14 July 2021

Remarkable recent changes in the genetic diversity of the avirulence gene AvrStb6 in global populations of the wheat pathogen Zymoseptoria tritici

Christopher Stephens, Fatih Ölmez, Hannah Blyth, Megan McDonald, Anuradha Bansal, Emine Burcu Turgay, Florian Hahn, Cyrille Saintenac, Vladimir Nekrasov, Peter Solomon, Andrew Milgate, Bart Fraaije, Jason Rudd, Kostya Kanyuka - Molecular Plant Biology, 2021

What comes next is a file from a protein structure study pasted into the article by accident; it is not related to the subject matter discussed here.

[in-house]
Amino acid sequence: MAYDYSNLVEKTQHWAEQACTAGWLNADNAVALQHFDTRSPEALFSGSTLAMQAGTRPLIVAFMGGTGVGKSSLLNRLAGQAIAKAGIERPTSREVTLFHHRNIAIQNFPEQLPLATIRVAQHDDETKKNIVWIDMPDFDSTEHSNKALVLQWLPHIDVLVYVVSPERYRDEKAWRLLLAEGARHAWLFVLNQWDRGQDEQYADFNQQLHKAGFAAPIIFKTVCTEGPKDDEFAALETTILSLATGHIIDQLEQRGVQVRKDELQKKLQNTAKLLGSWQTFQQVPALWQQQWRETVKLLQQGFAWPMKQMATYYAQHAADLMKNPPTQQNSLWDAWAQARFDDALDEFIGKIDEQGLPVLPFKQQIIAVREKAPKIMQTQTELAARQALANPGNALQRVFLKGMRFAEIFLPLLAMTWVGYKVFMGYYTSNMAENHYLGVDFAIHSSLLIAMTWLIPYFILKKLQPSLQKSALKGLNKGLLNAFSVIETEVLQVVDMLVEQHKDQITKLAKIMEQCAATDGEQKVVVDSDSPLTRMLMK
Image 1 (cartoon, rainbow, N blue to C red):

Septoria tritici blotch (STB), caused by the fungus Zymoseptoria tritici, is one of the most economically important diseases of wheat. Recently, both factors of a gene-for-gene interaction between Ztritici and wheat, the wheat receptor-like kinase Stb6 and the Ztritici secreted effector protein AvrStb6, have been identified. Previous analyses revealed a high diversity of AvrStb6 haplotypes present in earlier Ztritici isolate collections, with up to c.18% of analysed isolates possessing the avirulence isoform of AvrStb6 identical to that originally identified in the reference isolate IPO323. With Stb6 present in many commercial wheat cultivars globally, we aimed to assess potential changes in AvrStb6 genetic diversity and the incidence of haplotypes allowing evasion of Stb6-mediated resistance in more recent Ztritici populations. Here we show, using targeted resequencing of AvrStb6, that this gene is universally present in field isolates sampled from major wheat-growing regions of the world in 2013–2017. However, in contrast to the data from previous AvrStb6 population studies, we report a complete absence of the originally described avirulence isoform of AvrStb6 amongst modern Ztritici isolates. Moreover, a remarkably small number of haplotypes, each encoding AvrStb6 protein isoforms conditioning virulence on Stb6-containing wheat, were found to predominate among modern Ztritici isolates. A single virulence isoform of AvrStb6 was found to be particularly abundant throughout the global population. These findings indicate that, despite the ability of Ztritici to sexually reproduce on resistant hosts, AvrStb6 avirulence haplotypes tend to be eliminated in subsequent populations.

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